Stoughton Trailers debuted robotic welding capabilities this year on a chassis production line at its manufacturing plant in Evansville, Wisconsin, turning to the tech to help tackle staffing challenges.
The move reflects the increasing labor issues the OEM faces as it struggles to meet pent-up equipment demand, David Giesen, vice president of sales and marketing, said during remarks at the FTR Transportation Conference 2022 this month.
“We spent a lot of money putting in an automated, robotic welding line to build chassis,” Giesen said. “In the past, the return on investment was a different model than it is today. The reason it’s a different model is we cannot get the workers.”
While the welding line was costly, hiring five workers to perform a manufacturing task is far more difficult than it used to be, Giesen said. The OEM has been pleased with the automated tech’s results so far, its vice president added.
“Pretty impressive to watch these robots weld,” he said. “And as long as everything’s set up right, it’s all great.”
Stoughton, the fifth-largest dry van manufacturer in North America, is on pace to be the largest domestic producer of chassis by the end of the year. The company is hiring for a plant it added this year in Waco, Texas, and it signed a deal with a manufacturing partner in Mississippi, as it projects strong demand for chassis and trailers to continue through 2023.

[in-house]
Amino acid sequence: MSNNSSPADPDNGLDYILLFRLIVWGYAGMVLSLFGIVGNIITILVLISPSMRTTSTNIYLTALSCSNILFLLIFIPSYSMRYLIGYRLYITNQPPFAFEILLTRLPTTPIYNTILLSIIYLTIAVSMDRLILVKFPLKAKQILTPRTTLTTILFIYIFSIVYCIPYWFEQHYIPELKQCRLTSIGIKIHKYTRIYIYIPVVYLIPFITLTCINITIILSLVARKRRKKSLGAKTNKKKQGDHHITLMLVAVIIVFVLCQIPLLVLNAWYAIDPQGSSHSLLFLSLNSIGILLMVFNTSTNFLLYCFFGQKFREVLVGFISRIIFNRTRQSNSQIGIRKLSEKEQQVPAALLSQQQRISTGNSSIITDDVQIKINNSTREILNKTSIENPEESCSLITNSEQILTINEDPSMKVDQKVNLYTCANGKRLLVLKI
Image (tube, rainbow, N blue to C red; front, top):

The company plans to hire up to 125 new employees at its Waco facility.
A Stoughton spokesperson did not respond to a question about the number of workers at each site, the name of the Mississippi partner, or the number of open positions in Evansville the robotic welding line will allow it to eliminate.
“We could fill our backlog probably two or three times over for 2023 with the demand that is sitting there,” Giesen told conference attendees.
The company has begun placing orders for next year, but is hesitant to book business too far in advance because of supply constraints on components, Giesen said.
“I’m not going to book all that business out because I don’t know how many [pieces of equipment] per week I’m going to produce,” he said. “I don’t know what components per week I’m going to get.”
Chassis and trailers are made with many of the same parts, and Stoughton is working to balance increased chassis production with the capacity required for its trailer customers. The company has scaled up its domestic chassis manufacturing and plans to soon offer 20-foot and 40-foot chassis in addition to its current 53-foot intermodal units.
The company has a combined 1.3 million square feet of manufacturing space in nine facilities in the Wisconsin cities of Stoughton, Evansville and Brodhead, according to its website.
David Taube contributed to this story.